development team.

Pointer arithmetic undefined behaviour (CVE-2016-2177)
======================================================

Severity: Low

Avoid some undefined pointer arithmetic

A common idiom in the codebase is to check limits in the following manner:
"p + len > limit"

Where "p" points to some malloc'd data of SIZE bytes and
limit == p + SIZE

"len" here could be from some externally supplied data (e.g. from a TLS
message).

The rules of C pointer arithmetic are such that "p + len" is only well
defined where len <= SIZE. Therefore the above idiom is actually
undefined behaviour.

For example this could cause problems if some malloc implementation
provides an address for "p" such that "p + len" actually overflows for
values of len that are too big and therefore p + len < limit.

OpenSSL 1.0.2 users should upgrade to 1.0.2i
OpenSSL 1.0.1 users should upgrade to 1.0.1u

This issue was reported to OpenSSL on 4th May 2016 by Guido Vranken. The
fix was developed by Matt Caswell of the OpenSSL development team.

Constant time flag not preserved in DSA signing (CVE-2016-2178)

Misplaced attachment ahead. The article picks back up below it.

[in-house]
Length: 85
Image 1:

===============================================================

Severity: Low

Operations in the DSA signing algorithm should run in constant time in order to
avoid side channel attacks. A flaw in the OpenSSL DSA implementation means that
a non-constant time codepath is followed for certain operations. This has been
demonstrated through a cache-timing attack to be sufficient for an attacker to
recover the private DSA key.

OpenSSL 1.0.2 users should upgrade to 1.0.2i
OpenSSL 1.0.1 users should upgrade to 1.0.1u

This issue was reported to OpenSSL on 23rd May 2016 by César Pereida (Aalto
University), Billy Brumley (Tampere University of Technology), and Yuval Yarom
(The University of Adelaide and NICTA). The fix was developed by César Pereida.

DTLS buffered message DoS (CVE-2016-2179)
=========================================

Severity: Low

In a DTLS connection where handshake messages are delivered out-of-order those
messages that OpenSSL is not yet ready to process will be buffered for later
use. Under certain circumstances, a flaw in the logic means that those messages
do not get removed from the buffer even though the handshake has been completed.
An attacker could force up to approx. 15 messages to remain in the buffer when
they are no longer required. These messages will be cleared when the DTLS
connection is closed. The default maximum size for a message is 100k. Therefore
the attacker could force an additional 1500k to be consumed per connection. By